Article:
Discover: Causes | What can you do?
Soil pollution is the destruction of the earth's thin layer of healthy, productive soil, where much of our food is grown. Without fertile soil, farmers could not grow enough food to support the world's people.
Healthy soil depends on bacteria, fungi, and small animals to break down wastes in the soil and release nutrients. These nutrients help plants grow. Fertilizers and pesticides can limit the ability of soil organisms to process wastes. As a result, farmers who overuse fertilizers and pesticides can destroy their soil's productivity.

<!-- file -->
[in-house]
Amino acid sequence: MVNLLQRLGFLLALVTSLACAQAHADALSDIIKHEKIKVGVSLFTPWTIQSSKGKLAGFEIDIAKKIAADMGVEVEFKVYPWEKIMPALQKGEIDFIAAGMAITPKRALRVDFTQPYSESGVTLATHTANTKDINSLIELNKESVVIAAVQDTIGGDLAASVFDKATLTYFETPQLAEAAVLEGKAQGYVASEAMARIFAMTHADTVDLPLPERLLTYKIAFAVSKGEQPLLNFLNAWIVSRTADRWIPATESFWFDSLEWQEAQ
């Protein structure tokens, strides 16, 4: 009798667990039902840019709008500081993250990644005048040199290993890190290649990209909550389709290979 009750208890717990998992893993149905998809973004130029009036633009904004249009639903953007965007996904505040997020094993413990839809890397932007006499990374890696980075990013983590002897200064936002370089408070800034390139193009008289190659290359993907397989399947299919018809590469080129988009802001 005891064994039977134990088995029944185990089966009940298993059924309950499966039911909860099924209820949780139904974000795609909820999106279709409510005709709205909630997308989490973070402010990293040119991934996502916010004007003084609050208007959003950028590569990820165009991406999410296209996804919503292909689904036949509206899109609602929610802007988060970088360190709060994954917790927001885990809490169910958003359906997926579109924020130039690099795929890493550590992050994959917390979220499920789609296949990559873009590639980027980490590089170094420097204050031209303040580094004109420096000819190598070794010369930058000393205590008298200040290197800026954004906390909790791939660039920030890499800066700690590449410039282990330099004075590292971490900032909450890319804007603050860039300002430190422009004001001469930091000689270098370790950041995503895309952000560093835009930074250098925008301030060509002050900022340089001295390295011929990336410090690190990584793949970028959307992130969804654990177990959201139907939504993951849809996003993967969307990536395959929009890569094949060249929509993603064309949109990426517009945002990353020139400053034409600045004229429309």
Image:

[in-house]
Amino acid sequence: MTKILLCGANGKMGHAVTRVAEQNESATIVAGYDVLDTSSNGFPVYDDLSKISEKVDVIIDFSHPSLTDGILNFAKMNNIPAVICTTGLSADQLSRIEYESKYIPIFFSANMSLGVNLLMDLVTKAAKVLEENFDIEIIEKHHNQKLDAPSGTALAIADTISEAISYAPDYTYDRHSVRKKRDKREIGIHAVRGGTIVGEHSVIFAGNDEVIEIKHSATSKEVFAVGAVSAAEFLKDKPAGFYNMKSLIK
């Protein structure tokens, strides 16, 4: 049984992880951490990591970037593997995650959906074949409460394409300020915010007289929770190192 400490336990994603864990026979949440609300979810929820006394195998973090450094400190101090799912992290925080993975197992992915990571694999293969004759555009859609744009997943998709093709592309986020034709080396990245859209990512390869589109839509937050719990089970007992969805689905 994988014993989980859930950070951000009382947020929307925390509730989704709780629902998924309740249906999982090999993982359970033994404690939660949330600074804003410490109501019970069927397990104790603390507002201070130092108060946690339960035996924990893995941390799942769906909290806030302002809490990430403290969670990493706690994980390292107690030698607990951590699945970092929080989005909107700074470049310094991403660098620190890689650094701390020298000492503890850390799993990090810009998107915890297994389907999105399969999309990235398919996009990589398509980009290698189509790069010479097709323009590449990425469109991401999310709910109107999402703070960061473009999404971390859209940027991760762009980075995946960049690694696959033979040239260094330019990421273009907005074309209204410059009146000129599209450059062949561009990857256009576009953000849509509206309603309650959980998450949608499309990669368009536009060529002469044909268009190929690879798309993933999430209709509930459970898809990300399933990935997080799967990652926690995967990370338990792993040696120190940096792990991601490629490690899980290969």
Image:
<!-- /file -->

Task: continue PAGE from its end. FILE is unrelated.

A number of other human activities can also damage soil. The irrigation of soil in dry areas with poor drainage can leave water standing in fields. When this standing water evaporates, it leaves salt deposits behind, making the soil too salty for growing crops. Mining operations and smelters contaminate soil with toxic heavy metals. Many scientists believe acid rain can also reduce soil fertility. Over farming can drain the soil so that it becomes difficult for things to grow in it.
What can you do?